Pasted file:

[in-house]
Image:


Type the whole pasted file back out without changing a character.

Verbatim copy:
[in-house]
Image: